University of Toronto students will be returning to school in September as usual, but the layout of the school year will be much different than it was before the pandemic, according to BlogTO.
Meric Gertler, the U of T president announced that there will be new measures and policies put into place for students in the coming fall semester to ensure "a world-class academic experience" while "respecting public health measures required by the evolving COVID-19 pandemic."
"The University of Toronto's fall semester will emphasize a mix of in-person and virtual learning opportunities for students," said the school in a post released on May 19.
"New and returning students can expect to see smaller on-campus seminars, classes and labs alongside larger online or remote classes and lectures," the post says. "Courses are being designed to be flexible and accommodating, making use of the latest technologies and approaches to instruction."
Gertler released the information in a letter last week saying “much still remains uncertain” when it comes to what the school year will look like in September. Much will depend on the state of the government’s reopening plan in the coming months.
Three “guiding principles” have been laid out by the university that it will use develop plans for its three campuses.
The first principal is "Health and Safety" and Gertler notes that the university "is preparing for a gradual, safe?return to our campuses, with as much on-campus activity as is practicable, sensible, and safe."
There are still guidelines being developed for laboratories, research areas, residences, environmental health and safety, libraries and athletics, student experience and more.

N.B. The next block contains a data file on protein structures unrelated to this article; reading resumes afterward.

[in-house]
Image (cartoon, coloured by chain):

The second principal laid out is "Academic Excellence" in which deans, principals and faculty members are working at "devising courses that are flexible and adaptable, accommodating — and mobilizing — various modes of teaching and learning."
"The result will be a rich set of academic experiences for students to explore, whether they attend on-campus, virtually or in some combination," wrote Gertler. "On-campus laboratory and library spaces will be adapted to the requirements of physical distancing, while we continue to leverage the power and possibilities of virtual research and instructional settings where helpful or necessary."
Susan McCahan is the U of T Vice-Provost and she said in a news release on Tuesday that over 100 staff members are working with leading educational technology to design and develop courses.
The third guiding principle is "Our Community" which focuses on helping students with the tough situations they may be facing.
"As we look toward the fall, we know the recovery will take time, resolve, patience and resilience," Gertler wrote.
"There may be setbacks and surprises along the way. But in September, as we welcome new and returning students on-campus or online, we look forward to resuming the rich, vibrant and stimulating academic life for which the University of Toronto is so widely recognized."